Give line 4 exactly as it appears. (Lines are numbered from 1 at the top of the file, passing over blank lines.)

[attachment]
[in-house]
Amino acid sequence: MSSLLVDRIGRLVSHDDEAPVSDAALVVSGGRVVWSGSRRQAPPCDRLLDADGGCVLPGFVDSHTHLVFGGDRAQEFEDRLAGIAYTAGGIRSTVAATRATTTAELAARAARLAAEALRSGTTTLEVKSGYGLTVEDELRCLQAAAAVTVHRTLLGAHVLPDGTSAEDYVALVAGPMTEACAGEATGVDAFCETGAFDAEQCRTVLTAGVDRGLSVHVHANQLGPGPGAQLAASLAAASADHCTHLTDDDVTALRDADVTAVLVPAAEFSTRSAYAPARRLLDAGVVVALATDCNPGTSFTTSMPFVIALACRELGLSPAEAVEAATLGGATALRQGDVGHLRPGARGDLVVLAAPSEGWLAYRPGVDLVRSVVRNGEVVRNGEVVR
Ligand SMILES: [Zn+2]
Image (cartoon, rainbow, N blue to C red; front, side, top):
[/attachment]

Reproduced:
Image (cartoon, rainbow, N blue to C red; front, side, top):